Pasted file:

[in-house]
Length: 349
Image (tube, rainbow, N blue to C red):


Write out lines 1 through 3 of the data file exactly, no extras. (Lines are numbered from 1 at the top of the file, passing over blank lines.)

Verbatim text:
[in-house]
Length: 349
Image (tube, rainbow, N blue to C red):